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SPEAKERS: THIS is Important for your Topics.


Updated: 5 days ago

We will do more to avoid pain than seek pleasure.

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SPEAKER TOPICS: Know We Will Do More to Avoid Pain vs Pleasure:Fred E. Miller

The Research Shows: Avoiding pain often takes precedence over seeking pleasure due to the way our brains are wired. Avoiding harm or pain is crucial for survival. Our brains are finely tuned to detect and respond to potential threats in our environment. This innate instinct helps ensure our safety and well-being.


Additionally, pain can have more immediate and intense consequences than pleasure. For example, physical pain alerts us to potential danger and prompts us to take action to avoid further harm. In contrast, the pleasure we experience from certain activities may be more gradual or less urgent in nature.


EXAMPLE: My story of how "We do more to avoid pain than seek pleasure." impacted me.

I get a physical exam every year. Each visit my doctor suggested I lose a little weight. He said I would look better, feel better, and be healthier. I tried for years to lose five pounds and failed.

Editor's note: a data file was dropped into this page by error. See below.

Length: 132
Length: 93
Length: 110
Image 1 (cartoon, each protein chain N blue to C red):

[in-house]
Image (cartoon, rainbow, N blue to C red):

Several years ago I was hospitalized for six days with spinal stenosis. (I'm Okay now, but don’t put that on your wish list!) I saw a number of doctors and one said, "You’re diabetic." I replied, "No, I’m pre-diabetic." He responded, "I’m an endocrinologist. Trust me, you’re diabetic."


I know what diabetes can do. I had a sister-in-law who lost and eye and leg to this disease. A friend recently passed away from the effects of diabetes.


Instantly, I went from being aggravated by my internist telling me to "Lose weight" to "Open Checkbook, Washington University Med Center. What do I have to do to beat this?" I started diabetic counseling, watching documentaries, and reading 'Nutrition Labels' on foods before purchasing. I’m proud to say my blood sugar level is under control and I’ve reached my weight goal.


So . . . Applying this to Presentation Topics:

The title of my book and signature speech is not: "How to Give a Good Speech" or "Speaking 101." It is: "NO SWEAT Public Speaking!"

A title that conjures up a bit of fear and something we seek to avoid!


Follow this advice for your presentation topics, and I guarantee they will be absolutely, positively - NO SWEAT!

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